Binging with Babish is a huge staple of food-based YouTube. If you aren’t one of the channel’s 9 million subscribers, the show is run by Andrew Rea and gained fame from his meticulous recreations of some of TV and film’s most delicious foods. Now expanded to the Babish Culinary Universe, Rea lifted the name for the channel from Oliver Babish, a fan-favorite on “The West Wing.” Rea himself has now eclipsed the character though, with the Google Images results featuring his face on the top page just as much as actor Oliver Platt.
Rea started the channel with a simple recreation of the “Parks and Recreation” Burger Cook-Off. Here, Rea coined his now-iconic torso-only filming style, as well as his deep voice-over. Since then, he has switched kitchens multiple times but has maintained his signature filming and voice-over throughout his YouTube career, often ducking into the frame only to sample his creations (when he is not revealing his face on his newer spin-off content).
His style is so recognizable that other cooking channels have taken to jokingly copying him, one being Mythical Kitchen, a spin-off channel of the popular show “Good Mythical Morning.” Rea has also bargained himself two separate cookbook deals based on his channel, though the first, “Eat What You Watch” (2017), seems to have taken a backseat to the more recent “Binging with Babish” (2019). Rea also has a website where his recipes are readily available.
The problem comes when you look at the content Rea makes, because recreating food from movies, TV, video games and more means selecting media to recreate from. Because Rea seems to use mostly TV as source material, it seemed prudent to use gender-based statistics from television and film rather than video games or other media and to focus on the U.S. rather than international film and television, as that makes up the majority of Babish’s audience.
And as of right now, women account for 44-45% of major characters on TV and a mere 29% of solo protagonists. In film, 47.8% of lead actors are women in 2020. Binging with Babish leans into the gender divide, and not in a revolutionary way. After totaling all of the available Binging with Babish episodes — 240 at the time of writing — 175 or roughly 60% feature notably male-led media with a male protagonist and/or an indisputable male majority leading cast (so “Seinfeld” and “It’s Always Sunny in Philadelphia” would qualify, but “Friends” would not).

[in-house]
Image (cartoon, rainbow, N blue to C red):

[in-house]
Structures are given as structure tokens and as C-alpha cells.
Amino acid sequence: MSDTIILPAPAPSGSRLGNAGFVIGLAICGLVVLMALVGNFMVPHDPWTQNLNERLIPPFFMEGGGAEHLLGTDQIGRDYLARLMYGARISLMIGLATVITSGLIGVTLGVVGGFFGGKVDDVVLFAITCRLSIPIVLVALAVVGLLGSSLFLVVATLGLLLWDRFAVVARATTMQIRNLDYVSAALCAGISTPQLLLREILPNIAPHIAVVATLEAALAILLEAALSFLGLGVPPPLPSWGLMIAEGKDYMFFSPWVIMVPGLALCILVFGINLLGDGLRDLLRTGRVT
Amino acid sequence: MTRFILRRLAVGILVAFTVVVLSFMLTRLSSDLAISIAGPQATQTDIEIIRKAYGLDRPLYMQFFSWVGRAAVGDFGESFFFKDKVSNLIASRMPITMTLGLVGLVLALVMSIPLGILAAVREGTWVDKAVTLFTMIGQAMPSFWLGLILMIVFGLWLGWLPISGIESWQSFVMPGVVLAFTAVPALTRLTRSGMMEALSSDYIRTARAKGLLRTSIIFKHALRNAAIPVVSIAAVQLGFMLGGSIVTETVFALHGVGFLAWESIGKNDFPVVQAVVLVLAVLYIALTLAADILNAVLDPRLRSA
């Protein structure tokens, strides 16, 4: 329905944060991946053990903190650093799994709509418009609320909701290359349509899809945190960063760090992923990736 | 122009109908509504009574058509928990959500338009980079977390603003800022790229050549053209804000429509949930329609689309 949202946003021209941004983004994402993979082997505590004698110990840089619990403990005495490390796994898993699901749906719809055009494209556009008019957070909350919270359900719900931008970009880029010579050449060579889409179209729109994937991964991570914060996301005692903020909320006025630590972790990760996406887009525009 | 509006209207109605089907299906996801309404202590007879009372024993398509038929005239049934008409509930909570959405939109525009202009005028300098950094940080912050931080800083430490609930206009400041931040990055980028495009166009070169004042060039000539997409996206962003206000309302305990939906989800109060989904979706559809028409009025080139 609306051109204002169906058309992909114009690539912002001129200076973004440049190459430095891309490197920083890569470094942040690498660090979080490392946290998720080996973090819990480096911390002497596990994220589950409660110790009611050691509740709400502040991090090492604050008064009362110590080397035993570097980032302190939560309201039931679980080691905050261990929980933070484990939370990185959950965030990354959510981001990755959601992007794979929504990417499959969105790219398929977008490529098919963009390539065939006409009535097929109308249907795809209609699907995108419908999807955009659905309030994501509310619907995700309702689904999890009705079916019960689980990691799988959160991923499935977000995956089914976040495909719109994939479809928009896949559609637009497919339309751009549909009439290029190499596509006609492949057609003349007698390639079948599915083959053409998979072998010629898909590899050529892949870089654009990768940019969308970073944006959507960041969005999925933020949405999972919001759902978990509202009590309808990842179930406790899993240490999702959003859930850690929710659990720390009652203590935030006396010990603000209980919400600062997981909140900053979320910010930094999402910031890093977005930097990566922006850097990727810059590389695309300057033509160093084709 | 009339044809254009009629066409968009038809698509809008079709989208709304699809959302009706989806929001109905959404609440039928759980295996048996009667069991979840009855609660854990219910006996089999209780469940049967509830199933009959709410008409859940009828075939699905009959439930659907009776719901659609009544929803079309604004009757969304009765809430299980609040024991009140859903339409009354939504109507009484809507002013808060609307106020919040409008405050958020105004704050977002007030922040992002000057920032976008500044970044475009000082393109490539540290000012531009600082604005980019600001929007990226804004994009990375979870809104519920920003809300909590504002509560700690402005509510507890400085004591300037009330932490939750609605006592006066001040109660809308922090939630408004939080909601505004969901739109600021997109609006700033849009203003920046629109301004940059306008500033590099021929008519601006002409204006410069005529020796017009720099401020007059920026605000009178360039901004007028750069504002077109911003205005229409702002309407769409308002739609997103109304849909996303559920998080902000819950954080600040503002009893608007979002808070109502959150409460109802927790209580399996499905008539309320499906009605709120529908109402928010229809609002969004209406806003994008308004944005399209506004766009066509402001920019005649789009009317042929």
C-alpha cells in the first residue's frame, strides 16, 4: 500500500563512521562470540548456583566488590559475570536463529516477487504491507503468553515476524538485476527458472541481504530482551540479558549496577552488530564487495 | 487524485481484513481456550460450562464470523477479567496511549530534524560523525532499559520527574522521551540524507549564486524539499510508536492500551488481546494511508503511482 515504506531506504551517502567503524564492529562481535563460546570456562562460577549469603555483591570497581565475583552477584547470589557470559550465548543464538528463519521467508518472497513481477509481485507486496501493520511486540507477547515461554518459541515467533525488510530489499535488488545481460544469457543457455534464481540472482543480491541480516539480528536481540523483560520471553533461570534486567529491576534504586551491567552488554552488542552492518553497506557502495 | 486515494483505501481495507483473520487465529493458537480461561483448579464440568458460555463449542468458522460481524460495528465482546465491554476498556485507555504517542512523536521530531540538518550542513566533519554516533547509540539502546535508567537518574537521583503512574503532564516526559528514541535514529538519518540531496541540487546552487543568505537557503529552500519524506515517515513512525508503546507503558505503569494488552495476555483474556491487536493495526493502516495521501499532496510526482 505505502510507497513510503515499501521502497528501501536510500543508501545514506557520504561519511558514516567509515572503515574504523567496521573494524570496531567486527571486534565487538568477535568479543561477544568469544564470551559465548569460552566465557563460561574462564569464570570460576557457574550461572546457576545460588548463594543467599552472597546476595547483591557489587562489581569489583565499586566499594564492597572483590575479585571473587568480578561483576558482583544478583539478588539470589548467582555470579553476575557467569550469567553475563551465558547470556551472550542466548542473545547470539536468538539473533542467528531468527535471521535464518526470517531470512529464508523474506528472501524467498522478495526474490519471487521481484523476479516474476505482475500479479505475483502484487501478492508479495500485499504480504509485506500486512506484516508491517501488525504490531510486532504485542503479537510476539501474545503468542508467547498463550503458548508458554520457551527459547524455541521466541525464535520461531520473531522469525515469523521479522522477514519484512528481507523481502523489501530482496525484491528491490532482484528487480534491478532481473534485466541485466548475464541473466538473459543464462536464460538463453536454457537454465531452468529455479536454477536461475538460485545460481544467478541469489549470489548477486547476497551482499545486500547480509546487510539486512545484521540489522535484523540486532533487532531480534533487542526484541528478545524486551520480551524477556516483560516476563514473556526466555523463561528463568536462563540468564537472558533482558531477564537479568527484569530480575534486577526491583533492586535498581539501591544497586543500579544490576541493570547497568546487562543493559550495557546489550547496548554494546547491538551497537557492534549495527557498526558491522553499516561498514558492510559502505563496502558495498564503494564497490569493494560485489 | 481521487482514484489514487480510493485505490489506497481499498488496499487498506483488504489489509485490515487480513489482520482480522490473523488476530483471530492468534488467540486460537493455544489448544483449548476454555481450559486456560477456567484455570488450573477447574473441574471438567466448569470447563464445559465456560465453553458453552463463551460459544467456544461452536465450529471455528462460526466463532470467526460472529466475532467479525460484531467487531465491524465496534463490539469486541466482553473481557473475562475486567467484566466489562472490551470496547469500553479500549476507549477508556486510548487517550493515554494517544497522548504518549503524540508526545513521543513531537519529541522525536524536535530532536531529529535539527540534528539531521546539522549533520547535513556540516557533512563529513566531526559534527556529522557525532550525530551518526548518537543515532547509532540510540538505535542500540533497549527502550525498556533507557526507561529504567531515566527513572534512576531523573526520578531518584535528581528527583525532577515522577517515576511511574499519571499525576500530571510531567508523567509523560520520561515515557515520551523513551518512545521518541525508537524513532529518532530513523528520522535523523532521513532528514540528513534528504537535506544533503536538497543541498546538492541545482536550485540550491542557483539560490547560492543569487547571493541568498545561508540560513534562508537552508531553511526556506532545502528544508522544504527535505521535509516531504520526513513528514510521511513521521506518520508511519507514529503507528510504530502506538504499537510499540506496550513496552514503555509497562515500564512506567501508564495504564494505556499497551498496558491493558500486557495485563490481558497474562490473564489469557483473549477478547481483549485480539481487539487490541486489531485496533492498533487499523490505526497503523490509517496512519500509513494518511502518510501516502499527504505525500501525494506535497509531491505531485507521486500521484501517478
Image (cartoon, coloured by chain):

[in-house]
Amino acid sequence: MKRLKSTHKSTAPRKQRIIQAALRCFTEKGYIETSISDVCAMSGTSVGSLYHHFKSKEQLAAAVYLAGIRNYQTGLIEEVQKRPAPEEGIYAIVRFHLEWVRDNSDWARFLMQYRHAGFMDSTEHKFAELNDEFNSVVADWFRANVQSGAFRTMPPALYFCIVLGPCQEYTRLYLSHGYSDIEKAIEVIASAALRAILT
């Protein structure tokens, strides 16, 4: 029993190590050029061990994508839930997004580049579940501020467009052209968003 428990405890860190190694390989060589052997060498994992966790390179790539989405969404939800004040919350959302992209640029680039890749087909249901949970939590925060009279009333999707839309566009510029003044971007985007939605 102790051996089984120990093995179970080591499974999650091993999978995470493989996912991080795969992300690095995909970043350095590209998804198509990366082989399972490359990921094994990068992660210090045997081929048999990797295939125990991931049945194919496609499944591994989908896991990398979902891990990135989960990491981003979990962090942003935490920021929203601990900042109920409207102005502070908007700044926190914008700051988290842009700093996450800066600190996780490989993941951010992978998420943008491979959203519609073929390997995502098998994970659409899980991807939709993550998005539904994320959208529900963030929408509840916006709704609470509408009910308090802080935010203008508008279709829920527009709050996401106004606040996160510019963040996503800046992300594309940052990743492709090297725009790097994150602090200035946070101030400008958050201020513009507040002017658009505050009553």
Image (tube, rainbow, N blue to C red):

Seventy-five or roughly 31% of the channel’s videos feature ensemble casts or are video games with customizable player characters, such as “Parks and Recreation,” Skyrim and even “Bob’s Burgers” (Bob may be the title character but the main characters are almost equally male and female), leaving only 20 or roughly 8% that feature recognizable female leads, like “Broad City” or “Beauty and the Beast.”
Obviously, this is shaped by a multitude of variables — too many for a single article to account for — but it does seem important to mention that Rea is a man and most of his staff also seems to be male. However, the ratio seems to have improved, with his most recent 10 videos featuring two female-led media pieces, “Broad City” and “Raya and the Last Dragon,” but that still puts the channel below the 29% statistic for television and far below the 47.8% of film.
It could be because of views; the channel’s six most popular uploads are from media with male leads, but it seems that guessing why would be akin to a chicken-or-egg situation since, technically, working with the 8% breakdown of his content, less than half of the videos featuring a female-led media piece would make the cut for a randomly selected six videos.
On the bright side, Rea does seem to want to include women on the channel. Recently the channel employed Sohla El-Waylly, a chef who gained fame from the now generally disgraced Bon Appetit YouTube channel. However, El-Waylly and Rea seemed to have ended their partnership as of early 2021.
There’s also the fact that the chef industry is remarkably male-dominated. According to this study, 25.8% of chefs are female while 70.3% are men. This could potentially account for a lack of internal pressure from the cooking community to include more female-led media on the channel if we assume that the ratios present in the study roughly transfer to YouTube chefs. Rea does seem to be following a reasonably diverse spectrum of creators gender-wise on his account, though most of the cooking YouTube channels seem to be male-run.
In the end, Binging with Babish is still a fun show; it’s wonderful to watch food be coaxed to life from some of your favorite shows and films, and Rea himself is relentlessly charming with his theatrical cooking gestures and soothing tone. One does hope that Rea begins to diversify his selection — after all, this article really only hit the tip of the iceberg regarding this issue — as there is undoubtedly more to be said about the channel and the media’s limited representation of BIPOC, LGBTQ+, disabled folks and other marginalized identities. For now, though, the bullet might be worth biting if Rea does make food from your favorite shows; just consider leaving a comment requesting more diverse picks while you’re there.